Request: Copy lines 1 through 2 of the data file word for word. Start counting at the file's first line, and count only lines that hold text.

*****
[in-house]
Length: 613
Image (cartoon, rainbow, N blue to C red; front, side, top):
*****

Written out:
[in-house]
Length: 613